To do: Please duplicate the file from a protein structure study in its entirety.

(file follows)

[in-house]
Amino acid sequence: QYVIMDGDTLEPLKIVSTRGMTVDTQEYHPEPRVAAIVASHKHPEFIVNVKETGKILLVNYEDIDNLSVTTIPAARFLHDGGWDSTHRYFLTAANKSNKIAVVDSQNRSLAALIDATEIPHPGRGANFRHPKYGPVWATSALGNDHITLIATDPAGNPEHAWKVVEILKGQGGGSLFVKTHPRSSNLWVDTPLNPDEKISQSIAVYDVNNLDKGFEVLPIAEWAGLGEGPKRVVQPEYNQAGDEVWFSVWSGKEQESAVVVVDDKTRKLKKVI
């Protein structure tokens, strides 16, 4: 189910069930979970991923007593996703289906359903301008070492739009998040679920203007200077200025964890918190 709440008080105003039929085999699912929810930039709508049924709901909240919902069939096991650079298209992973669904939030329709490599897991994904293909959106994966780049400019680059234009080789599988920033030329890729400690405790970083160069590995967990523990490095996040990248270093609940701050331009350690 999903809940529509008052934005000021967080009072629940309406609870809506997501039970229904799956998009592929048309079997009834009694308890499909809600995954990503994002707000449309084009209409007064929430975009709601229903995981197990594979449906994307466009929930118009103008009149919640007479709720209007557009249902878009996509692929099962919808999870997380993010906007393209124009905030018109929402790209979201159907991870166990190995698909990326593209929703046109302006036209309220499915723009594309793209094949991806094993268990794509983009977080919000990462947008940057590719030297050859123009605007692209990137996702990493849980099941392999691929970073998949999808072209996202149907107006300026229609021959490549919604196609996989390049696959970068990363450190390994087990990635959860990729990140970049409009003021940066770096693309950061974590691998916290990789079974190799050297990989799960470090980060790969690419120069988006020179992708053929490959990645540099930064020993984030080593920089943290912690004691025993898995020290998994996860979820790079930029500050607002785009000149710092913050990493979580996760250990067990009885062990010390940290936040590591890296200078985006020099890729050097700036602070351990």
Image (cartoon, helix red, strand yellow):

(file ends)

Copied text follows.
[in-house]
Amino acid sequence: QYVIMDGDTLEPLKIVSTRGMTVDTQEYHPEPRVAAIVASHKHPEFIVNVKETGKILLVNYEDIDNLSVTTIPAARFLHDGGWDSTHRYFLTAANKSNKIAVVDSQNRSLAALIDATEIPHPGRGANFRHPKYGPVWATSALGNDHITLIATDPAGNPEHAWKVVEILKGQGGGSLFVKTHPRSSNLWVDTPLNPDEKISQSIAVYDVNNLDKGFEVLPIAEWAGLGEGPKRVVQPEYNQAGDEVWFSVWSGKEQESAVVVVDDKTRKLKKVI
């Protein structure tokens, strides 16, 4: 189910069930979970991923007593996703289906359903301008070492739009998040679920203007200077200025964890918190 709440008080105003039929085999699912929810930039709508049924709901909240919902069939096991650079298209992973669904939030329709490599897991994904293909959106994966780049400019680059234009080789599988920033030329890729400690405790970083160069590995967990523990490095996040990248270093609940701050331009350690 999903809940529509008052934005000021967080009072629940309406609870809506997501039970229904799956998009592929048309079997009834009694308890499909809600995954990503994002707000449309084009209409007064929430975009709601229903995981197990594979449906994307466009929930118009103008009149919640007479709720209007557009249902878009996509692929099962919808999870997380993010906007393209124009905030018109929402790209979201159907991870166990190995698909990326593209929703046109302006036209309220499915723009594309793209094949991806094993268990794509983009977080919000990462947008940057590719030297050859123009605007692209990137996702990493849980099941392999691929970073998949999808072209996202149907107006300026229609021959490549919604196609996989390049696959970068990363450190390994087990990635959860990729990140970049409009003021940066770096693309950061974590691998916290990789079974190799050297990989799960470090980060790969690419120069988006020179992708053929490959990645540099930064020993984030080593920089943290912690004691025993898995020290998994996860979820790079930029500050607002785009000149710092913050990493979580996760250990067990009885062990010390940290936040590591890296200078985006020099890729050097700036602070351990």
Image (cartoon, helix red, strand yellow):